ICO launches consultation on the Draft Journalism Code of Practice

The ICO’s consultation on its Draft Journalism Code of Practice has begun.

Be sure to have your say- the deadline to submit responses is 22 January 2022.

The Code covers privacy safeguards among many other topics. In particular, it covers the journalism exemption under the Data Protection Act 2018 and its broad exemption that disapplies requirements to holding and processing data.

Journalism should be balanced with other rights that are also
fundamentally important to democracy, such as data protection and the
right to privacy.

at p.4

The Code substantively addresses the safeguarding of journalism under the exemption, briefly touching on balancing a free press against privacy rights before going on to discuss how this balance is struck under data protection laws:

Why is it important to balance journalism and privacy?


It is widely accepted that a free press, especially a diverse press, is a
fundamental component of a democracy.

It is associated with strong and
important public benefits worthy of special protection. This in itself is a public
interest.

Most obviously, a free press plays a vital role in the free flow of

communications in a democracy. It increases knowledge, informs debates
and helps citizens to participate more fully in society. All forms of journalistic
content can perform this crucial role, from day-to-day stories about local
events to celebrity gossip to major public interest investigations.

A free press is also regarded as a public watch-dog. It acts as an important
check on political and other forms of power, and in particular abuses of
power. In this way, it helps citizens to hold the powerful to account.

However, the right to freedom of expression and information should be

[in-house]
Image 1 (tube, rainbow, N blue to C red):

balanced with other rights that are necessary in a democratic society, such
as the right to privacy. The public interest in individual freedom of expression
is itself an aspect of a broader public interest in the autonomy, integrity and
dignity of individuals.

The influence and power of the press in society, and the reach of the

internet, means that it is particularly important to balance journalism and
people’s right to privacy.

This code provides guidance about balancing these two important rights by
helping you to understand what data protection law requires and how to
comply with these requirements effectively.

at p.25

Quotes from caselaw 3: Fairhurst v Woodard (Case No: G00MK161) – A cautionary tale for neigbours implementing surveillance

I am satisfied that the
extent of range to which these devices can capture audio is well beyond the
range of video that they capture, and in my view cannot be said to be
reasonable for the purpose for which the devices are used by the Defendant,
since the legitimate aim for which they are said to be used, namely crime
prevention, could surely be achieved by something less. A great deal of the
purpose could be achieved without audio at all, as is the case with the bulk